Casino Royale pulls heavily from Ian Fleming’s novel of the same name. The plot centers around terrorist banker Le Chiffre (played with reptilian ruthlessness by future Hannibal Lecter Mads Mikkelsen).
He gambles with a powerful organization’s money, loses it, and his attempt to get it back through a high-stakes poker game. MI6 sends Bond to win the game, in the hopes that a loss will force Le Chiffre to turn over information on his terrorist connections for asylum on British soil. The risk of course, as British treasure agent and Bond girl Vesper Lynd (a fantastic Eva Green), is if Bond loses, then the British government has directly funded terrorism. The film’s uncanny ability to actually make a poker game seem tense might be its greatest accomplishment, were it not for everything else it manages to get right.
Unlike prior Bond films, Casino Royale doesn’t shy away from the source material’s brutal, sadistic violence nor the emotional fallout from said violence. Take the moment in which Vesper sits in a shower, shaking, because of the violence she’s seen (and for perhaps other reasons that don’t become clear until later). We see Bond come into the shower, and sit, holding her. It’s rare for a Bond character to have that relatable a reaction to violence. The scene has become as iconic as any of the film’s action sequence, and it feels like an emotional revelation for both the character and the franchise. Craig’s Bond is a Bond who is capable of caring about those around him, which means he’s capable of being emotionally wounded as well as physically. Both Craig and Green play the scene perfectly.
Then, of course, there’s the torture sequence, in which Bond is strapped, naked, to a bottomless chair and hit repeatedly in the testicular area with a knotted rope. It remains a tough watch today, with Craig selling both Bond’s physical and emotional anguish. It’s another example of the film showing Bond as man who bleeds and hurts, which was something the character hand’t seemed capable of since perhaps the Dalton era.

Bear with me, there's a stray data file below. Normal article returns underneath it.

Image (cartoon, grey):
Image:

It’s brutal and palpable, but perhaps the cruelest moment is one of mental torture, as Le Chiffre reminds Bond, “Because even after I slaughtered you and your little girlfriend, your people would still welcome me with open arms! Because they need what I know.” Of course, Bond realizes it’s true, that both Vesper and he are completely expendable, and there would be no fallout for their deaths if Le Chiffre sought sanctuary from England. Casino Royale undercuts the franchise’s glitz and glamour by reminding the audience that he’s a disposable cog in a far more complex machine.
Unlike previous Bond films, Casino Royale presents the blossoming romance of Bond and Vesper as two broken people finding a sense of hope in each other. The fact that neither can really escape the darker impulses that pull them back, makes their relationship heartbreaking.